The US social media giant has been found guilty of failing to fully report the number of complaints it received, in clear violation of German transparency laws. Facebook may appeal the ruling, saying the law is unclear.
Germany's Federal Office of Justice (BfJ) on Tuesday fined US social media giant Facebook €2 million ($2.3 million) for underreporting the number of complaints it had received about illegal content on its platform.
The fine was levied for infractions against Germany's internet transparency law known as NetzDG.
The law requires companies like Facebook and Twitter to remove posts that contain hate speech or incite violence within 24 hours or face fines as high as €50 million. Social media companies are also required to file reports on their progress every six months.
Skewing the facts
Justice Minister Christine Lambrecht accused the company of skewing the extent of such violations by selectively reporting complaints.
Lambrecht said it was exceedingly difficult for a user to complain to Facebook about posts that violate NetzDG. She added that by comparison, it was far easier to complain about posts that violate the site's softer community standards.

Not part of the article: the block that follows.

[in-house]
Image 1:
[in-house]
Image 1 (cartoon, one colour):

But Lambrecht said that Facebook's decision to only tally the NetzDG complaints meant the total number was artificially low.
That selective reporting led Facebook to cite a total of 1,704 complaints from January 1, 2018 to June 30, 2018. That number was significantly lower than those that YouTube (215,000) and Twitter (265,000) reported for the full year.
The Office of Justice addressed that problem, saying, "The BfJ assumes that the number of complaints received via the widely known flagging channel is considerable and that what is presented in the published report is therefore incomplete."
Strict laws governing online speech
NetzDG, which went into effect on January 1, 2018, is among the strictest in the world governing privacy and online speech. It outlaws anti-Semitic speech as well as hateful or inciting speech directed at persons or groups on the grounds of religion or ethnicity.
Facebook has desperately attempted to clean up its image regarding transparency in the wake of a number of scandals involving elections in the US, UK, and the Philippines. The company has said it will review Tuesday's decision and may appeal it.
Facebook said: "We want to remove hate speech as quickly and effectively as possible and work to do so. We are confident our published NetzDG reports are in accordance with the law, but as many critics have pointed out, the law lacks clarity."
js/amp (AFP, AP, Reuters)